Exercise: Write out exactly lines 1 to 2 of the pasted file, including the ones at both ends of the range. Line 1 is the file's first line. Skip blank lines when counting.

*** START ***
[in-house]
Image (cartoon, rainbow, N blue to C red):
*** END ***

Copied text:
[in-house]
Image (cartoon, rainbow, N blue to C red):